Moreover since their relatives had now to pay more taxes on land it adversely

Moreover since their relatives had now to pay more

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Moreover, since their relatives had now to pay more taxes on land , it adversely affected the purses of the sepoys themselves. The Alien Rule Another important reason of the unpopularity of the British was the alien nature of their rule. They never mixed with the Indian people and treated even the upper class Indians with contempt. They had not come to settle in India but only to take money home. So the Indians could never develop any affinity towards them. Impact on the Sepoys The revolt of 1857 originated with the mutiny of the Sepoys. These Sepoys were drawn mainly from the peasant population of North and North-West India. As we have seen, the rapacious policies followed by
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5 the East India Company were impoverishing and ruining the peasantry. This must have affected the Sepoys also. In fact, most of them had joined the military services in order to supplement their fast declining agricultural income. But as the Years passed, they realised that their capacity for doing so declined. They were paid a monthly salary of 7 to 9 Rupees out of which they had to pay for their food, uniform and transport of their private baggage. The cost of maintaining an Indian Sepoy was only one third of his British counterpart I India. Moreover, the Indian Sepoy was treated roughly by the British counterpart in India. Moreover, the Indian Sepoy was treated roughly by the British officers. They were frequently abused and humiliated. The Indian Sepoy, despite his valour and great fighting capacity, could never rise above the rank of a Subedar while a fresh recruit from England was often appointed his superior overnight. Threat to Religion Apart from degrading service conditions, another factor inflamed the feeling of the sepoys. An impression was created among them that their religion was being attacked by the British. This belief was also shared by the general civilian population. The proselytizing zeal of the missionaries and some of the British official instilled fear in the minds of the people that their religion was in danger. At several places conversions to Christianity were reported to be made. The Government maintained the Chaplains at its own cost and in some cases also provided police protection to the missionaries. Even the army maintained chaplains at state cost and Christian propaganda was carried among the sepoys. Furthermore, the sepoys were forbidden to wear their caste marks, and in 1856 and Act was passed under which every new recruit had to give an undertaking to serve overseas, if required. The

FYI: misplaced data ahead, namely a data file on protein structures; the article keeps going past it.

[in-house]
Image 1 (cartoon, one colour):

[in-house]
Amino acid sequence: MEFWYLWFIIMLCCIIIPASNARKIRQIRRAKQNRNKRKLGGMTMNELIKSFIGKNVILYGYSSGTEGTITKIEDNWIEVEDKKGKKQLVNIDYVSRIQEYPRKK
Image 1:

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6 conservative beliefs of the sepoys were thus shaken and they sometimes reacted strongly. For example I 1824, the 47 th Regiment of sepoys at Barrackpore refused to go to Burma by sea-route because their religion forbade them to cross “black water”. The British reacted ruthlessly, disbanded the Regiment, and put some of its leaders to death.
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